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Recognizing migraine in your child

Migraine and migraine symptoms are different at every age. Young children, teens and adults do not all experience migraine in the same way. Also younger children and infants are not always able to express their feelings and so there are different cues for these age groups that migraine may be happening.

Infants

Infants can experience migraine. In infants, and children too young to talk, the main signs and symptoms of migraine are head-banging and irritability.  Head-banging however, is common in infants and does not always mean that it is a migraine. If it is a migraine, sleep in a quiet, dark room should help the infant and resolve the issue.  Diagnosing migraine in infants is very difficult and likely the diagnosis will not be clear until the child is older. 1

 

 

 

Preschool children

Instead of head pain, preschool children may instead experience the other symptoms of migraine. They may have abdominal pain, or vomit, following which they need to go to sleep. When having a migraine, preschool-aged children may look ill or pale. If they are in pain they may show it by being irritable, crying, rocking or seeking a dark room in which to sleep. 1

 

 

 

School-aged children

Children who are 5-10 years-old typically have a headache that is felt on both sides, across their forehead, around their temples, or behind their eyes. 2 When children get migraines they typically only last 1 hour, which is shorter than adult migraines, which normally last between 4-72 hours. Often when children get migraines, their migraine will wake them up or happen early in the morning, this is because sleep is a trigger for migraines, as well as being the best medicine for migraines in children. School-aged children are more likely to experience nausea, vomiting, diarrhoea or cramping in their stomachs. 3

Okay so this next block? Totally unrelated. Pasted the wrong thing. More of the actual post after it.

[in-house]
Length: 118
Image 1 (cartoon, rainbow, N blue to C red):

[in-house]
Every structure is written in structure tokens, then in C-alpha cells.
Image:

At this age, children may express sensitivity to light, sound, touch and odour. School-aged children may also express signs and symptoms that may not classically be thought of as being related to migraine. They may complain of being thirsty, or of having a swollen feeling in their nose. Their eyes may water, and their legs and arms may appear swollen (what is referred to as edema). School-aged children may also sweat excessively when having a migraine or feel an increased need to urinate. 1

 

 

 

Teens

Puberty is a time of transition for migraine, especially for girls. Many girls will experience their first migraine when they begin menstruating. For both boys and girls in the pre-teen and teenage years, migraine headaches are felt more intensely and for a longer time than their childhood migraines. Teens begin to fall into the adult pattern of a headache, where the pain may last from 4-72 hours. Teenagers begin to say their headache has a pulsating or throbbing feeling. 3  And teenagers generally feel their migraines on only one side of their head, usually around their temples.  Teenagers may or may not experience aura symptoms.

1. Teleanu, R. I., Vladacenco, O., Teleanu, D. M. & Epure, D. A. Treatment of Pediatric Migraine: a Review. Mædica 11, 136–143 (2016).

2. Bigal, M. E. & Lipton, R. B. Migraine at all ages. Curr. Pain Headache Rep. 10, 207–213 (2006).

3. Wilcox, S. L., Ludwick, A. M., Lebel, A. & Borsook, D. Age- and sex-related differences in the presentation of paediatric migraine: A retrospective cohort study. Cephalalgia 38, 1107–1118 (2018).

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